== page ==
The Bible paints a rather expansive view of God. We know, among other things, that He is just. Abraham asked, "Shall not the Judge of all the earth deal justly?" (Gen 18:25) with the expected, "Yes, of course!" implied. Paul calls Him "the Lord, the righteous Judge" (2 Tim 4:8). Indeed, it is this justice that gives morality any basis. In order to seek to be moral, one must believe in ultimate justice. If we believe that there may or may not be justice in the end, then there is no reason to seek to be moral.
Another abundantly clear attribute of God is His mercy. In one of my favorite passages we read, "But God, being rich in mercy, because of His great love with which He loved us, even when we were dead in our transgressions, made us alive together with Christ (by grace you have been saved)." (Eph 2:4-5) That's a big "but". And God is "rich in mercy". In Romans there is a contrast drawn between "vessels of wrath prepared for destruction" and "vessels of mercy, which He prepared beforehand for glory" (Rom 9:22-23). Oh, yes, God is indeed merciful.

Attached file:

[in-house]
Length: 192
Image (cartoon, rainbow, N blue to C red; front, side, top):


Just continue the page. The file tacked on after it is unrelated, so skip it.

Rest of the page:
So we run into a dilemma. Justice, you see, is giving that which is deserved. Human sin demands divine punishment. Mercy, on the other hand, is mercy is defined as not giving that which is deserved. Now, God is unchanging, but it sounds as if He has to set aside one aspect of His nature in order to act on another aspect of His nature. And that's a problem. That's a contradiction. How are we to resolve this?
Relax, dear reader. There is a logical and explicit resolution in Scripture. (I know you were sweating it.) There are those who would like to tell you that "God just forgives. End of story. You do it, right? Well, so does He. It's okay." Except this retains the contradiction. If He just forgives, then He is not just. If He is just, He cannot simply forgive. But Scripture says otherwise. Scripture says that we all are sinners (Rom 3:23) (bad news), but that we are "justified as a gift" (Rom 3:24). How? "Through the redemption which is in Christ Jesus whom God displayed publicly as a propitiation in His blood through faith." (Rom 3:24-25) See that? "Redemption." That is, a payment is made. Elsewhere we read, "In Him we have redemption through His blood" (Eph 1:7). Justice is met. In this "He would be just and the justifier of the one who has faith in Jesus." (Rom 3:26)
The question is, is God Just or Merciful. As it turns out, God is both Just and Merciful. Our sins aren't simply forgiven; they are paid for. We aren't simply released from the just punishment we've earned; Jesus bore that punishment. Only in this way can God be both Just and Merciful. And He is both without contradiction or diminishing of His own nature. God wins!